Tuesday, August 17, 2010

The Purpose of Prayer

By Susan Esther Barnes

Ever since blogger Dov Bear posted about faith healing, I’ve been thinking about the purpose of prayer. I find it interesting that he chose to focus on the power, or lack thereof, of petitionary prayer, since asking God for things isn’t the main purpose of Jewish prayer.

I’m no linguist, but it is my understanding that words for prayer in several languages, such as Latin and English, have the same root as words for asking for things. For example, “pray,” “ask,” and “beg” in English can be used more or less interchangeably, albeit with different connotations.

According to the website Judaism 101, the Hebrew word for prayer, t’filah, comes from the same root as the word meaning “to judge oneself.” This root implies the purpose of Jewish prayer is not petitionary - to ask God for stuff - but to look at ourselves. The idea is to think about what we’re grateful for, what we wish we could change, how we’re presenting ourselves to the world around us.

As anyone who studies Judaism will discover, we Jews have a lot of prayers already written for us. This includes not only what we read in the prayer books during services, but prayers for all sorts of other occasions as well. There are specific prayers we’re supposed to say when we wake up in the morning, when we leave on a long trip, when we see a rainbow, when we see someone we haven’t seen in a long time, when we learn of a person’s death. There’s even a prayer for when we use the restroom (It’s called “Asher Yatzar” if you want to look it up).

Most of these prayers do not ask God for anything. Instead, they focus our attention on things like our gratitude, our covenant with God, and the complexities of our body.

Certainly, there are times when we do ask God for things. Every week at services I say the names of my father and my friend Mark when the time comes for the prayer for healing.

Even then, there are certain rules we follow. We are not allowed to ask God to change what already is. A common example is if a man is returning to his village and he sees smoke rising from it, he is not to pray, “Please don’t let it be my house that is on fire.” This is because whatever is causing the smoke is already on fire. It is futile to pray to God to suddenly move the fire from one house to another.

When I say the healing prayer I don’t pray for my father to not have diabetes or for my friend to not have cancer. I don’t even pray for God to cure them, since I don’t think such prayers would be realistic. Instead, I pray for the symptoms to be more bearable, for God to give them strength and comfort while they cope with their condition, for them to be given the opportunity to enjoy their lives, for them to know others love them.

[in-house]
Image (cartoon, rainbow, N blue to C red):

Sometimes my prayers change based on what’s going on in my life. Until recently, every time we sang “Hashkivenu” and asked God to spread a shelter of peace over us, I pictured a shelter of peace spreading from me and others in the congregation to cover those among us who were in mourning or otherwise in pain or in need of support. In the days after Rose died, I changed the direction to picture the shelter of peace coming from others nearby to cover me. One could argue this makes the prayer less about asking for something than it is about assessing my state of mind.

We are now approaching the High Holy Days, the time when we are asked to look over the past year, to judge our actions, and to apologize for our sins. It is only appropriate for us to spend some time now to remind ourselves that our word for prayer is not about asking for things, but is about judging ourselves. What better time than now to pray?


  1. This is excellent! One of my favorite things about observing Judaism is the insistence that no moment doesn't count. Every second in the life of a Jew can and should be imbued with meaning.

    May your prayers for you father and for Mark be answered.

  2. I think that lehitpallel is more than just judging oneself. It is the search for that part of the divine which is part of ourselves, the eternal neshama elokit that Gd granted us when we were born-"Elokei neshama shenatata bi tehorah"(from birkot hashachar) Only prophets can have a conversation with Hashem, but if we look deep inside ourselves perhaps we can experience a connection with the divine.

  3. susan, this was lovely, informative and reflective. win, win and win. thanks much for your insightful teachings. i always know that i can count on *that* when i visit you!

  4. Thank you all three for your kind words and support.

    David -
    I don't agree only a prophet can have a conversation with God. It may be possible, however, that you and I are using different definitions for the word "conversation."

  5. Fascinating look at the word prayer. I had never thought about the shoresh of the word in both English and Hebrew.

  6. Eric -

    Thanks. Just another example of the kind of thing that gets lost in translation.

  7. Lovely, but you may pray for a refuah shleimah, complete recovery for people. The person's name son/daughter mother's name. Mothers have special healing power for G-d.

  8. We do say we're praying for a refuah shleimah. Although it is permitted to think of that as a "complete recovery," I don't believe that's realistic in some cases. So at those times I prefer to think of it as a "complete healing" in the spiritual sense instead.

    I don't think it's helpful to me to pray for things I don't think will happen. It doesn't feel authentic. And I don't want to be inauthentic with people, let alone with God.

    If it's helpful to others to think of it as a "complete recovery" when they pray, regardless of the circumstances, I have no problem with that.